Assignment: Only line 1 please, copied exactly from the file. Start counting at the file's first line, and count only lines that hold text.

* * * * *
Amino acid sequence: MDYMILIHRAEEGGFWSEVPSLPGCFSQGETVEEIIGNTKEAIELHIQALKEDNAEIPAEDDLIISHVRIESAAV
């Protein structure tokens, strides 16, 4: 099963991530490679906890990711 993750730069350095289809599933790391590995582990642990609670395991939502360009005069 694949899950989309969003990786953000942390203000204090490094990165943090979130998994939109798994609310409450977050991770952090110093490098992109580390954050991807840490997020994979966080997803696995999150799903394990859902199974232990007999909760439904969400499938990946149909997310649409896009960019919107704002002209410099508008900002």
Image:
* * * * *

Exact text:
Amino acid sequence: MDYMILIHRAEEGGFWSEVPSLPGCFSQGETVEEIIGNTKEAIELHIQALKEDNAEIPAEDDLIISHVRIESAAV